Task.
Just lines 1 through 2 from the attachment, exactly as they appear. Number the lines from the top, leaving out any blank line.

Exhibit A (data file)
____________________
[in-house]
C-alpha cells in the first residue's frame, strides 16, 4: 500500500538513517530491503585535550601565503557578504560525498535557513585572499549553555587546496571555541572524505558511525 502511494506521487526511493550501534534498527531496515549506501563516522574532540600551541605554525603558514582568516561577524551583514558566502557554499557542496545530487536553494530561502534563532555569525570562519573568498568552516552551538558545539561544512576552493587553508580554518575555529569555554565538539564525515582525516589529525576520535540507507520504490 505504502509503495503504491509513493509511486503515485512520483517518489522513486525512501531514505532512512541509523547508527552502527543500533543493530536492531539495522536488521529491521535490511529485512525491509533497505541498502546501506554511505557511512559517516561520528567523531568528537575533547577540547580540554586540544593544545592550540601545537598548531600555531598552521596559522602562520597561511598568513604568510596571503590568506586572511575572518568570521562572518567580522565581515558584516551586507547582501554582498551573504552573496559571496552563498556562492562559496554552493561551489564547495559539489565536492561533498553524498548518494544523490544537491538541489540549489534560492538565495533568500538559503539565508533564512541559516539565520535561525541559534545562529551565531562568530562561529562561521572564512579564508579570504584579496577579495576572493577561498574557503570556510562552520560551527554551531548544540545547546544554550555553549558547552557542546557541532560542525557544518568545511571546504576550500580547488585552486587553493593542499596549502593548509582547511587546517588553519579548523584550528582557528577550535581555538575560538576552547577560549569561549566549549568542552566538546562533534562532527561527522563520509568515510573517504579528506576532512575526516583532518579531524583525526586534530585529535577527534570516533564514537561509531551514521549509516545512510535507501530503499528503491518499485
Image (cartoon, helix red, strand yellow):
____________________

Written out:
[in-house]
C-alpha cells in the first residue's frame, strides 16, 4: 500500500538513517530491503585535550601565503557578504560525498535557513585572499549553555587546496571555541572524505558511525 502511494506521487526511493550501534534498527531496515549506501563516522574532540600551541605554525603558514582568516561577524551583514558566502557554499557542496545530487536553494530561502534563532555569525570562519573568498568552516552551538558545539561544512576552493587553508580554518575555529569555554565538539564525515582525516589529525576520535540507507520504490 505504502509503495503504491509513493509511486503515485512520483517518489522513486525512501531514505532512512541509523547508527552502527543500533543493530536492531539495522536488521529491521535490511529485512525491509533497505541498502546501506554511505557511512559517516561520528567523531568528537575533547577540547580540554586540544593544545592550540601545537598548531600555531598552521596559522602562520597561511598568513604568510596571503590568506586572511575572518568570521562572518567580522565581515558584516551586507547582501554582498551573504552573496559571496552563498556562492562559496554552493561551489564547495559539489565536492561533498553524498548518494544523490544537491538541489540549489534560492538565495533568500538559503539565508533564512541559516539565520535561525541559534545562529551565531562568530562561529562561521572564512579564508579570504584579496577579495576572493577561498574557503570556510562552520560551527554551531548544540545547546544554550555553549558547552557542546557541532560542525557544518568545511571546504576550500580547488585552486587553493593542499596549502593548509582547511587546517588553519579548523584550528582557528577550535581555538575560538576552547577560549569561549566549549568542552566538546562533534562532527561527522563520509568515510573517504579528506576532512575526516583532518579531524583525526586534530585529535577527534570516533564514537561509531551514521549509516545512510535507501530503499528503491518499485